Each late filing drew a $50 fine, only one of which was waived by the state.

That means the party owes $300 in fines, all of which have already been turned over to collections proceedings.

“The whole finance thing is a pile of poo-poo,” Campbell said. “Basically what they are doing is taking the position that the Democrats and the Republicans are the only people affected by their silly system. The Democrats and the Republicans have enough money to hire the people to do the books. We have volunteers.”

Currently, Campbell’s party has more than 6,000 registered voters, but the last time anyone donated money to it was back in March.

That was Campbell, who donated $300.

“I’ve been basically supporting the party,” he said. “We don’t have a treasury, we have a paupery.”

The party is part of the national Constitution Party and has affiliate parties in all 50 states.

According to the national party’s website, its platform centers on a strict interpretation of the Declaration of Independence, the U.S. Constitution, the Bible and the Bill of Rights.

Campbell had hoped that once people learned of its principles, more people would register with the party, particularly in a time when an increasing number of voters are becoming dissatisfied with both parties, he said.

“Our biggest problem in that regard is the fact that people who put together debates and opportunities for speaking still exclude us,” Campbell said. “It has been a challenge all the way along to fit into the niche of a major party for little to no benefit.”



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The benefit of being a major political party is that it is easier to get candidates on the ballot. Look for the positive!

When you lay down with dogs, you get up with fleas.

Charles Ashby’s report – “Party pooper” – in Monday’s Sentinel should remind readers why the vitality of the American Constitution Party (“ACP”) is critical to the integrity of Colorado elections.

Albeit disorganized and under-funded, the ACP’s status as a “major political party” entitles it to designate members of County Canvass Boards (charged with certifying election results) and to appoint “poll watchers” to monitor polling places.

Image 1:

Moreover, the stated principles of the ACP – drawn from the Bible, the Declaration of Independence, the Constitution, and the Bill of Rights—have profound public policy implications.

Indeed, the ACP offers both solace and refuge to those who despair at the current state of American politics, but revere the Bible as the chronicle of man’s moral evolution in the Old Testament – reaching its pinnacle in Jesus’s New Testament teachings.

“The Golden Rule” in Luke 6:31 suggests that undocumented immigrants, “Dreamers”, and women facing unwanted pregnancies deserve the same “equal protection under law” that we each would expect for ourselves.

Matthew 25:40,45 suggest that Food Stamps and Medicaid have greater moral merit than gratuitous subsidies to profitable oil companies and/or corporate farmers (Matthew 19:24; Mark 10:25; Luke 18:25) and/or a tax system that under-taxes polluters and Wall Street (Matthew 22:21; Mark 12:17; Luke 20:25). 

The Declaration of Independence eloquently affirms a litany of reasons for armed revolt by pre-Constitutional Colonials – and successfully recruited patriots to the Revolution.

Our Constitution’s Preamble prioritizes the purposes of a more potent government than that which proved ineffectual under the Articles of Confederation, and its own Articles deliberately convey “delegated powers” from the States to that federal government.

The Bill of Rights protects individual liberties from encroachment by both federal and over-reaching State governments – as do the 13th, 14th, and 15th Amendments.

Thus, the ACP offers Coloradans—religiously-minded or not—a principled alternative to the mindless extremism and hypocritical dishonesty of “Tea Party” Republicans.